The Underground Railroad: Journey to Freedom, developed by Muzzy Lane Software for National Geographic Education, is one of the Silver Medal Winners of the 2014 International Serious Play Awards.
The Underground Railroad: Journey to Freedom is an online Serious Game (also available as an iOS app) that incorporates 3-D experiences as students make a series of choices that affect their journey from slavery to freedom. Along their journey students encounter challenges and meet key historical figures who provide help and inspiration.
“In the game, you are a slave. You belong to a farmer who owns a tobacco plantation on the eastern shore of Maryland. Six long days a week you tend his field. But not for much longer . . .”
Played from a first-person perspective, in a choose-your-own-journey style, the game immerses students in the action as they escape from a southern plantation and head North toward freedom. Along the route, students will talk to historical figures and get information from primary source documents, making decisions on their path North that will lead them to one of several possible outcomes.
s players make a series of choices that affect their journey from slavery to freedom, the decisions made along the route determine one of several possible outcomes. As a result, the game measures and rewards critical thinking.
Avenues of Escape on the Underground Railroad
Students can see their progress on a map
The game is designed to be played through once in about 30 minutes if students are playing independently, and in about 1 hour if they are playing in small groups or a classroom setting.
There is a detailed teacher's guide for the game that offers suggestions on how to engage students in Grades 6-10 in a variety of settings, both in and out of the classroom. The educator guide is also a resource for families. Parents or caregivers can act as facilitators, using the guide’s background information section as a reference.
The Underground Railroad was a secret network organized by people who helped men, women, and children escape from slavery to freedom. It operated before the Civil War (1861-1865) ended slavery in the United States. The Underground Railroad provided hiding places, food, and often transportation for the fugitives who were trying to escape slavery. Along the way, people also provided directions for the safest way to get further north on the dangerous journey to freedom.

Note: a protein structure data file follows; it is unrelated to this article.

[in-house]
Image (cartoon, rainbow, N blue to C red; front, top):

The people who helped slaves escape were called "conductors" or "engineers." The places along the escape route were called "stations." Sometimes escaping slaves were called "passengers." Sometimes they were called "cargo" or "goods." Conductors helped passengers get from one station to the next. Sometimes they traveled with escaping slaves all the way from the South, where they had been slaves, to the North or to Canada, where they would be free. Sometimes the conductors traveled only a short distance and then handed the escaping slaves to another helper. Engineers, who were the leaders of the Underground Railroad, helped slaves who were running away by providing them with food, shelter, and sometimes jobs. They hid the slaves from people who were trying to catch them and return them to slavery.
A well-organized network of people, who worked together in secret, ran the Underground Railroad. The work of the Underground Railroad resulted in freedom for many men, women, and children. It also helped undermine the institution of slavery, which was finally ended in the United States during the Civil War.